Thursday, May 03, 2007
Photos, top to bottom: Laurie McBride, Greg Pettis, Ricardo Lara and Adi Gutierrez
Club Hears from Out-of-Town Democrats on Convention Eve
by MARK GABRISH CONLAN
Copyright © 2007 by Mark Gabrish Conlan for Zenger’s Newsmagazine • All rights reserved
The April 26 meeting of the San Diego Democratic Club served largely as a warm-up for the first-ever California Democratic Party convention in San Diego April 27-29. Many people from other cities who’d come to San Diego for the convention attended, including Silicon Valley LGBT [Queer] Democrats founder Clark Williams; Adi Gutierrez and Ricardo Lara of the Los Angeles-based Honor PAC, aimed at increasing awareness of Queer issues among Latino voters; and Greg Pettis, openly Gay Councilmember in the Palm Springs suburb of Cathedral city and candidate against Republican incumbent Bonnie Garcia in the 80th Assembly District. But the featured speaker was Sacramento-based Laurie McBride, founding lobbyist for LIFE (Lobby for Individual Freedom and Equality) in the early 1990’s and now co-chair of the National Stonewall Democrats (NSD), a nationwide organization of Queer Democratic clubs to which the San Diego Democratic Club belongs.
“San Diego is a star in the universe of the National Stonewall Democrats because of the quality of board members you have sent to us: Craig Roberts, Mark Kvare and now Gloria Johnson,” McBride said. “Several years ago I gathered together a set of basic materials on how to start a club, and San Diego’s materials featured prominently. San Diego’s bylaws have been copied in South Carolina, and so has your structure, including how you develop leaders and have a deep bench. San Diego is a model, and we’re pleased and proud to have that model in our universe.” She did, however, boast that in the rivalry between Sacramento’s and San Diego’s Queer Democratic clubs for the total number of paid members, Sacramento has pulled ahead with 500, 100 more than San Diego’s.
“It’s good to be a Democrat these days, and it’s good to be a Gay Democrat,” McBride said. “No matter how much the Logs [members of the Log Cabin Clubs for Queer Republicans] apologize for their party, we can see from the last four months what a difference a Democratic Congress makes. Now we just need a Democratic President. We also see from our neighbors in the north what a difference a Democratic governor makes. In Oregon and Washington we’re seeing movement on basic rights and civil unions. The kind of work we do here is the kind National Stonewall Democrats promises all over the U.S., including places where activism is fragile and the atmosphere is not encouraging.” As an example, she cited NSD’s early involvement in the campaign against notoriously anti-Queer Republican Senator Rick Santorum of Pennsylvania, where NSD spent one-fourth of its total budget in 2006. Santorum’s defeat was crucial to the Democrats’ regaining control of the U.S. Senate.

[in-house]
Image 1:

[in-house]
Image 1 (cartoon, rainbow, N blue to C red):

McBride discussed NSD’s success in expanding the national Democratic party’s outreach to Queer voters and activists, and also sang the praises of the newly hired NSD executive director, Jo Weirich. “There was a lot of discussion on the board that she wasn’t flashy, but she’s a grass-roots person and good on infrastructure,” McBride said. “She knows people need to be thanked as soon as they make a donation. We’ve always had a bifurcated mission: to help the local clubs and to be a national voice. That’s hard too do with just two or three paid staff members. Now we have four.”
Pettis, who’s served on the Cathedral City council for 13 years, said, “I’m the first openly Gay person elected in Riverside County. Now we have six Gay City Councilmembers and two Gay judges.” He pointed out that even though the incumbent in the 80th Assembly District is a Republican, “we have a seven-point Democratic registration edge.” Perhaps because of that margin, Pettis will have to face a contested primary, “but I’m the only Gay candidate and the most progressive on labor issues. I’ve been pleased to have the endorsement of the California Queer Democratic caucus and John Chiang, Steve Westly and Judy Chiu.” Pettis pointed out that much of the district is progressive and overlaps heavily with the districts held by Congressmember Bob Filner and State Senator Denise Moreno Ducheny, both leading lights in the progressive wing of California’s Democratic party.
Gutierrez and Lara introduced themselves and their organization, Honor PAC, as a way of not only educating the Latino community about Queer issues but also raising funds among Latino contributors for Queer and Queer-friendly candidates. Gutierrez said that many Queer issues play out differently among Latinos and are frequently bound in with concerns about immigration and workers’ rights. Lara added that his group has already raised $35,000 and supported Mary Salas’s successful bid for an Assembly seat as well as Steve Padilla’s failed campaign to win re-election as mayor of Chula Vista after he came out as Gay. (Though Padilla lost, his sexual orientation was not a factor in the race; even the notoriously homophobic newspaper La Prensa San Diego endorsed him.)
Several former club presidents featured prominently in the meeting. Jess Durfee, now the chair of the San Diego County Democratic Party, boasted of the extensive coverage the convention had received in local media (except the San Diego Union-Tribune). Gloria Johnson and Craig Roberts have been major figures in the National Stonewall Democrats and have sat on its board. The immediate past president, Stephen Whitburn, announced that he was taking a leave of absence from his position on the club’s board to avoid a conflict of interest when he runs for San Diego City Council to replace the termed-out Toni Atkins in 2008. The club will be taking up an endorsement in that race in June.